Haider Ali: Yeah, so again, I think I was in the same boat with not having a lot of case studies to be able to almost just say, oh, look at this particular individual who’s gone down this pathway. If anything, I feel like I found more of those people as I’ve actually done the apprenticeship route and I’ve worked in the corporate environment and there’s so many sort of senior managers that I wouldn’t have even guessed were ex-apprentices that are, so now I have those kinds of case studies to give my younger siblings, for example.
So I think there will always be that sort of lag in the beginning when new opportunities arise with a bit of gap with information. Because with any new initiative, like apprenticeships, it takes time for it to phase and sort of trickle down. And I think like you said earlier, information creates opportunity. So until the information doesn’t trickle down, the opportunities don’t really seem as readily available, or they seem too risky to begin with until enough people have done them.
So I think, yeah, my parents didn’t really have enough information at the time, but I’d like to say all the kinds of barriers I’ve overcome and all the experience that I will have personally has definitely equipped them with a lot more information than they’d get, just from say a Google search.
You know, the saying goes it’s sometimes who you know, rather than what you know, and I think that you can get a lot more valuable information, just interacting with people in a real life work setting sometimes than you would just looking on the internet, for example. So it’s always great to have those kinds of case studies to hand so that you’ve kind of got a strong argument if anyone wants to go down the alternative route,
Steve Keith: Great. Thank you. Coming back to you, Kathryn. What would be your top tips for parents that are supporting their children with their career decisions then given that you’re a career coach now?
Kathryn Monkcom: Yeah, definitely. One thing that I work on a lot with clients is their own hangups around work and money especially, that come from really deep-seated beliefs in childhood. So often we have these beliefs, whether they’re helpful or unhelpful that are passed down through the generations. And it’s not necessarily a bad thing. It’s no one’s fault. It’s just a thing that happens as part of human nature.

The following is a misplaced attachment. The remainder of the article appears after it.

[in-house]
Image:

And it’s just really helpful for parents and young people to be aware of those things. And be able to question the thoughts that are coming up. So if you think of a job role and you go “oh no, I wouldn’t do that”, really try and question yourself and say “oh, why wouldn’t I do that?”. Is it because it’s something I wouldn’t enjoy? Or is it because I don’t think it’s my idea of success or like, what is it? And start questioning those ideas.
And then when you’re having a conversation as a parent and a young person, you can come at it from a much more critical and objective point of view and try and unpack some of those emotions that are surrounding work. Because really there’s so many emotions surrounding topics of work and especially money as well. It’s a really, really interesting one to dig into.
Steve Keith: Thank you for that. Something that I just want to pick up with both of you actually, given you just talked about emotions there, we’re obviously still coming out of a very emotional period for a lot of people. We’ll come to you first Haider, so how have you been supported by your employer along the way to deal with what has been a massive shift in working for everybody?
Haider Ali: Yeah. So there’s obviously been a huge change with regards to the delivery of a lot of the kind of key parts of the apprenticeship. So for example, with my accounting studies, so my learning provider, they switched. They were fantastic, they switched to remote delivery quite rapidly. I mean, they already had sort of services where they had sort of online classroom tuition.